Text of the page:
Dale Steyn is the best bowler in the world. He is on top of the International Cricket Council rankings, as he has been for three years. He is quick, determined, single-minded and utterly ruthless. He is back to terrorise England.
The most striking aspect of Steyn is that he is as a fast bowler should be. The batsmen are the enemy. In 20 completely engaging and hugely entertaining minutes last week, he espoused his philosophy.
He pondered for a second or two whether he was also the fastest bowler in the world.
"Ah shit, I don't know," he said. "Look, I'm like anybody else. When I wake up tomorrow morning I'm gonna be hurting from today's practice. I don't really think about it. I'm trying to be the fastest bowler that South Africa has when we walk out on to the field, that's my job. I think there's times when I can bowl as quick as anybody in the world, but there's other guys who can bowl quickly too. I just wanna take wickets and I wanna scare the shit out of people."
There you had it. In truth, some may be quicker but there is none more lethal. Of those who have taken 100 or more wickets in Test cricket only one has taken them at a quicker rate than Steyn and that was George Lohmann, who started operating for England in 1886 when the pitches were different load of marl.
Steyn takes a wicket every 40 balls. That puts him ahead of Waqar Younis, Fred Trueman, Richard Hadlee and Malcolm Marshall. He made a profound impression on English eyes in his first Test match, at Port Elizabeth in 2004.
A genuinely unknown quantity from the Limpopo province, way up north near the Zimbabwean border, he had played his first first-class match barely a year previously. Steyn steamed into England's captain, Michael Vaughan, and produced a searing leg-cutter which swung late as the batsman groped forward and exploded into his off stump. It was one of those moments when you know someone has arrived.
"I don't think I try and say too much," he said, in the extremely English environs of the pavilion at the St Lawrence Ground in Canterbury. "I try and let the ball do most of the talking. However, I am a fast bowler, and with being a fast bowler comes a responsibility of saying a word or two and sometimes getting in a guy's face.
"It can not only send shivers down the opposition's spine but it also gets your team up and bouncing around, when a captain sees a bowler really getting at a batter it forces the team to go along with him in the battle. Fast bowlers also make things happen when the game has gone quiet. Those are the sort of responsibilities that fall on my shoulder."
If Steyn leads South Africa's attack, he has some outstanding practitioners behind him. Like England, they have three men in the top 10 of the rankings but Steyn heads the pack, 54 points ahead of the Pakistan spinner Saeed Ajmal in second and more than 100 ahead of Jimmy Anderson of England in third.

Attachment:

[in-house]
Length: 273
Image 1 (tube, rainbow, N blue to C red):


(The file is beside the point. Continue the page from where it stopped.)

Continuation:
No one doubts Anderson but in both the rate at which he takes his wickets (every 57 balls) and the average number of runs he concedes for each of them (23.19 against 30.06) he is inferior to Steyn. The pair have had their moments – Steyn once hit Anderson with the ball – but for the South African it's a thing of the past. He does, though, relish being No 1.
"Absolutely," he said. "Who doesn't? When I was 13 I always wanted to be part of a cricket team that was the No 1 cricket team in the world, I always wanted to be the No 1 bowler, I always wanted to be the fastest runner around my house with my mate and I always wanted to beat him.
"I wanted to embarrass him, in all honesty, that's how much I wanted to beat him. But when I walk on to the field the ranking means nothing, it really doesn't, I've still got to bowl the ball in the right place. But in a small way it's that motivation that I need, to know when my team-mates come up to me and say, 'You're not No 1 in the world for nothing,' that's something that makes me bowl that extra over, maybe bowl a yard quicker, so it's great to have achieved that."
Steyn thinks South Africa are the No 1 team in the world already, despite the rankings having them at No 2. It is his intention to make it official with victory in this series, and he thinks he can get quicker.
"I'm not talking about 5kph quicker, I'm talking about consistently bowling maybe at 150kph rather than bowling 145 some of the time."
The question was begged. How can this thoroughly engrossing bloke be that package of undiluted ferocity? That is the point.
"It's what's in you," he said. "Once I step over that white line I become the bowler. When I'm sitting down here I'm obviously another guy. It'd be interesting… I probably wouldn't be saying the same things if you did an interview with me out in the middle after I'd taken a wicket. There would be a couple more beeps in it. I think that's what happens when guys walk across the line – they become cricketers, warriors, fighters, whatever it is you want to call them, and then when they're sitting around the table they have to say the nicer things."
Dale Steyn is the best bowler in the world. England may not be allowed to forget it.
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